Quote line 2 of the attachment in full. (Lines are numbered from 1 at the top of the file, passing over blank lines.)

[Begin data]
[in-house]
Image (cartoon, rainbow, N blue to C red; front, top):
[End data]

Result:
Image (cartoon, rainbow, N blue to C red; front, top):